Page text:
With the new year and the new decade now upon us, Sentry is making a concerted effort to attend and present at key conferences throughout 2020, to continue being a voice for covered entities.
We began with the 340B Coalition Winter Conference, held February 10-12 in San Diego, CA. This year’s conference had more than 1,900 attendees, 64% of which were from covered entities.
Sentry kicked off the event with a half-day customer training program before the official conference even began. Additionally, 340B Health hosted a reception for individual members in order to raise awareness of the organization’s Political Action Committee.
For the Sentry customer training, we offered customers two opportunities to attend a demo of our claims management solution, Claims Manager Plus, to help support Medicaid and Medicare claims modifier requirements. Our experts also shared how Sentry can offer additional professional expertise and guidance to covered entities to help them optimize their 340B program, addressing challenges including data integrity, audit preparation, and operational considerations.
On Tuesday, I delivered a “Lessons in the Field” presentation on behalf of Sentry, where I discussed 340B and healthcare trends over the decades and what to expect in the “roaring 20s.” I have now attended 35 340B conferences (winter and summer) since I began my 340B journey; it is always an honor to be part of the faculty and provide perspective gained over the years to help covered entities assess what the future holds.
State of 340B: That’s right, states are engaging!
This year’s conference had a few firsts: more sessions, more breakouts, a California round table, CEO sessions on 340B proposals and C-Suite engagement and more. One of these firsts was the addition of state-specific discussions relating to 340B, including what actions states are taking on issues such as discriminatory pricing, economic diversion, and prevention of duplicate discounts.
State presentations included experts from Minnesota, Montana, Oregon, West Virginia, Kentucky, Ohio, Michigan, South Dakota and California. Presenters discussed challenges with state legislation, tips to engage state associations, and how an upcoming Supreme Court hearing in Arkansas may impact current state legislation to manage PBMs. California presenters focused on the Governor’s proposal to transition back to fee-for-service beginning in 2021; efforts are in motion, including the forming of a Medi-Cal Rx Advisory Group.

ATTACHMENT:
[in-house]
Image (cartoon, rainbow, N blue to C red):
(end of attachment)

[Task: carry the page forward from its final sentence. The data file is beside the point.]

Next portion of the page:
Other notable conference moments
- HRSA/OPA – Another important highlight of the conference was hearing from Rear Admiral Krista Pedley, Director of HRSA’s Office of Pharmacy Affairs. Her emphasis was on the new 340B documentation requirements upon initial program registration, which demonstrate covered entities’ non-profit status, retention of documentation, and the improvement in the 340B drug pricing reporting by manufacturers. During her presentation, the organization shared how it set out to collect pricing. Originally, they only had a portion of NDC codes and labelers. By the fourth quarter of 2019, only 93 labelers had failed to report, with 670 labelers reporting 36,300 active NDCs. HRSA plans to have five manufacturer audits in 2020, and 200 covered entity audits. With an increase in manufacturer third-party engagement, HRSA encouraged transparency and good faith efforts for covered entities to work together with the industry.
- Apexus – For their presentation, Apexus provided updates on their recent contract award and stats on their success, including 29 distributor agreements, 110 volunteer manufacturer agreements, more than $1 billion in savings in 2019, 16,000 340B University attendees and 35,000 on-demand attendees and more than 30,000 website hits on their Medicaid link.
- Breakout sessions – The hospital breakout session provided time for hospitals to hear from 340B Health staff on several key reports and audit and compliance observations, including a significant decline in diversion findings. The session also covered legislative challenges expected in 2020. While hospitals met for this breakout session, other stakeholders held forums as well. For example, health centers discussed the impact PBMs are having on their 340B programs, state Medicaid challenges regarding carve-in versus carve-out and the importance of keeping the savings local to the state and what happens when rebates are sought as opposed to 340B price.
The last morning of the conference got off to a running start with the charity fun run/walk benefiting Veterans Village of San Diego, a nonprofit organization serving homeless military veterans. Sentry Data Systems was a sponsor and made an additional donation for each attendee that stopped by our booth, raising a record-breaking $1,450. In addition to raising money for the cause, Sentry staff also participated in the event, where we had the most staff participants since the fun run’s inception.
Overall, this year’s event centered on advocacy, state engagement, audit and compliance challenges. Stakeholders also seemed to take notice of the impending shift we’re seeing in recent government reports, which could point towards HRSA’s long-standing request for authority to fully administer the 340B program coming to fruition sometime in the near future.
Sentry was pleased to network with covered entities and other stakeholders, and we’re already counting the days until we meet again at the 340B Coalition Summer Conference in July!